Prepare yourself, I’m going to make the lamest confession you’ve heard this week. No, it’s not that I ate a whole box of stuffing with my Sunday roast. (Why would I need to confess that? It was the bomb.)
My confession is that despite the fact that I’m RIGHT HERE writing it, I’m totally embarrassed to have a blog.
I’ve been on Twitter for over a decade, racking up more than 25,000 tweets. That must amount to a pretty impressive word count, probably enough for a (boring) book. My account is easy to find and wide open for anyone to read; friends, my Mum, mortal enemies, my fiancé, neighbours, prospective employers, ex-boyfriends, people who like me and people who don’t. Given how much I’ve posted over the years, I may as well have plonked my naked body on the Fourth Plinth, the sum total of those tweets is probably my ass and my soul laid bare. However, the party food-sized fragments of text lessens the impact. It’s just tweets. I don’t care very much about who reads them.
There shouldn’t feel like a massive difference between writing tweets and writing a blog, but there is, absolutely, of course. Something about writing a personal blog is audacious. It feels downright cheeky to assume that people would care to read what you have to say. Worse still, I always write about myself. Perhaps I’m a huge narcissist, but I’ve always written about the subject I know best, which feels pretty damn brazen at times.
Of course, on the flip side to the audacity, writing a personal blog makes you vulnerable too. You show your (rather large) soft underbelly and pray that no-one is shitty to you. There’s a conflict, you’re stood on a chair yelling, “Hey, I’m a #blogger! Read my stuff! LOOK AT ME! Read my brain thoughts! I’m fucking interesting! LOOK AT ME!” but when writing about yourself, you’re all too aware that you willingly hand strangers the ability to trample all over your heart.
Not to mention that it feels massively self-absorbed to be talking about yourself when World War III seems like it’s lolloping over the hill. Actually, hold up, hold up, hold up a sec. All things in perspective, yeah? While I’m not my own biggest fan, I can at least say, confidently and objectively, that I’m not an international embarrassment on the scale of Brexit or Trump. (I’m sure you are nodding in agreement with me. Please at least pretend to nod.)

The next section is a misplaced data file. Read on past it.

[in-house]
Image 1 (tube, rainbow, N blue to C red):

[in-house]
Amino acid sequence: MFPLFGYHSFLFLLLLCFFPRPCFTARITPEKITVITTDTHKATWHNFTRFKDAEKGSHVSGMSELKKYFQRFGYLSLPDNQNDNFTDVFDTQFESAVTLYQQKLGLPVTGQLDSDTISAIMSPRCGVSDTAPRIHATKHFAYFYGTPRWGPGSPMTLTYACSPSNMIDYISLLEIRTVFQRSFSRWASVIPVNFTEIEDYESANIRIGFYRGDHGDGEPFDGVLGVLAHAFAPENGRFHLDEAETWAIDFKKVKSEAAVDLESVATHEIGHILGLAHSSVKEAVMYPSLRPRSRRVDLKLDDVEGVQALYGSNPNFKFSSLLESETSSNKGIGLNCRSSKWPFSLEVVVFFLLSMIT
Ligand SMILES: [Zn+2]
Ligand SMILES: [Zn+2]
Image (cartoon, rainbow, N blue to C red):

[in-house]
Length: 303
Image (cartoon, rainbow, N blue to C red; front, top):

I began putting more effort into writing and blogging when I was having a tough time at work. I’d come home, sink a few bourbons and write to distract myself from the tightness in my jaw, the fear of the next working day.
I was inspired by other people’s blogs, I love reading them and I’ve encouraged so many friends to write. But we all know that you’re never as kind to yourself as you are to others. Imposter syndrome is real, hanging over your head like a grumpy little storm cloud. I sit here feeling like a fake, a fraud and a phoney. That’s why I’m embarrassed to have a blog. I have no writing qualifications but look! I’m typing! I’m (technically) writing! It’s almost readable! Can I do this? Am I doing this? I think I could be.
As wiser minds have said, if you write then you’re a writer, but I’m sure I’ll never think of myself as a one. It just won’t happen. But here’s the thing! I don’t need permission to write, I don’t even need permission to call myself a writer. I don’t need to get hung up on anything, not even whether I’m good at writing.
I only need to get the hell over putting myself down, because some people do read what I write and some people even enjoy it. I need to sit my fat ass down and shut the fuck up. Or sit my fat ass down and write. Whatever.
I just finished a wonderful book by a gifted writer. Naturally, instead of looking at it as encouragement, I feel like I can’t compare, I can’t compete. I’m a faker. Obviously, I shouldn’t think of comparing and competing. So, what then? Faking it is ok, actually. Fake it ’til I make it? That will have to do.
I’ll fake being a writer and maybe you can fake being my reader.